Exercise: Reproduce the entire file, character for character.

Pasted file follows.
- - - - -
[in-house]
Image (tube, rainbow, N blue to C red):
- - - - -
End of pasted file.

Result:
[in-house]
Image (tube, rainbow, N blue to C red):